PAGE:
I started with a  colour palette of Kona solids kindly shared with me by Paula Steel at  Sew Yellow . Paula is a brilliant British quilter and pattern designer. She had used these colours in a quilt made with her  ‘Peach Kisses’  pattern. It’s a colour combination I could only dream of creating!  I soon realised that the sidewalk chalk pattern would introduce me to half-rectangle triangles. Another first for me! Even as a quilt teacher, I was a little nervous. They seemed tricky and, if I couldn’t get them right, this modern quilting pattern would not work. I needn’t have worried.     

  

    
       
      
         
          
             
                  
             
          

          

         
      
       
    

  


     Meghan - the designer from  Then Came June  - made videos to support the instructions in the pattern which I watched carefully before I started. I think I scrapped one block but the rest of my half-rectangle triangles looked good and were fun to make. With them made, this pattern comes together quickly and easily. Before I knew it, my quilt top was done and then came the procrastination…..  When you first learn to quilt, it’s easy to settle into a creative routine. I tend to make my quilts using the same methods, rarely trying something completely new. I usually hand quilt but I wanted to save some time and show my students that you can machine quilt successfully on a simple home sewing machine. Then I was scared to experiment on a patchwork top that I was really happy with. What if I messed up?      

  

    
       
      
         
          
             
                  
             
          

          

         
      
       
    

  


     I got on with pin-basting, as usual, combining my patchwork top with quilters dream cotton wadding and an old remnant of fabric for the backing which is perfect with the Kona solids. I love it when that happens! I planned some very simple straight-line quilting and put it on a shelf where it sat, untouched, for months. And months. Eventually, I accepted that hand-quilting was not what I wanted for this modern quilt. I needed to hook up my walking foot, put on my big-girl pants and get on with it!  Then inspiration struck. Somewhere – probably on Instagram – I saw a quilt with machine quilted straight lines which ran in two different directions. THAT was what I wanted! From there on in, I rolled with the differences. I chose some Aurifil variegated thread (another first) and found a tutorial on  Crazy Mom Quilts  that would help me start and finish my quilting lines halfway through the quilt, where they changed direction. I was all set except that all my basting pins were in the wrong place. I’d have to stop and start all the time to take them out. So, it was time for yet another first for me: spray basting.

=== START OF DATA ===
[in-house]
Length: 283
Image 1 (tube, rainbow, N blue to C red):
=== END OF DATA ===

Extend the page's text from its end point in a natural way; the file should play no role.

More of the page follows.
I’d used 505 spray for small projects before but never a full quilt. Again, I was scared to mess up but I knew that spray basting would make machine quilting easier. I turned to another of my favourite quilt bloggers for a tutorial – this time  Cluck Cluck Sew  – and got started. It was fine, of course! Not too messy or smelly, pretty fast and I was really impressed with the hold.  Now I could quilt. That was quick too. After all that worrying and waiting, I was almost done.      

  

    
       
      
         
          
             
                  
             
          

          

         
      
       
    

  


     To bind this quilt, I made another first-time decision for me and used the same fabric as the backing. I love that fabric and had enough left so, why not? It works perfectly with the solids - I’m so happy with it!              

  

    
       
      
         
          
             
                  
             
          

          

         
      
       
    

  


              Despite all my indecision and quilting insecurities, this quilt has opened my eyes to new ideas that I’m excited to try again. I’d love to know what you think and whether you have your own creative blind spots. Are there things you want to try but haven’t had the courage to tackle yet? Let me know - I’d love to check in and support you when you do!              

 
   
     
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The making of a quilt: sidewalk chalk

There’s a first time for everything!

“When I stated making my sidewalk chalk quilt I had no grand plan. For the first time in a long time, I wanted to make a quilt just for the love of the pattern. It felt right to make this patchwork quilt entirely from solid fabrics. I’d never done that before and this became my theme: trying and being inspired by new techniques for the first time…”